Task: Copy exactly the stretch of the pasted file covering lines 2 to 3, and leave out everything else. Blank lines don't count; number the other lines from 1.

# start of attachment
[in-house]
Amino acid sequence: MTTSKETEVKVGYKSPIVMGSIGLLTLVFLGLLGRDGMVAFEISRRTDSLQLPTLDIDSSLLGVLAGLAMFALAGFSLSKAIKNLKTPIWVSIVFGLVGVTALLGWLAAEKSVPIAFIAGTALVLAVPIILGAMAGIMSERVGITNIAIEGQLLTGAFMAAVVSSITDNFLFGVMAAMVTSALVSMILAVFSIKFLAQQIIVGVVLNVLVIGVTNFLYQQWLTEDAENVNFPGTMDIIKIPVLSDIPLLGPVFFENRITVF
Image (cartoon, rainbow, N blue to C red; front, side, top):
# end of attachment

Amino acid sequence: MTTSKETEVKVGYKSPIVMGSIGLLTLVFLGLLGRDGMVAFEISRRTDSLQLPTLDIDSSLLGVLAGLAMFALAGFSLSKAIKNLKTPIWVSIVFGLVGVTALLGWLAAEKSVPIAFIAGTALVLAVPIILGAMAGIMSERVGITNIAIEGQLLTGAFMAAVVSSITDNFLFGVMAAMVTSALVSMILAVFSIKFLAQQIIVGVVLNVLVIGVTNFLYQQWLTEDAENVNFPGTMDIIKIPVLSDIPLLGPVFFENRITVF
Image (cartoon, rainbow, N blue to C red; front, side, top):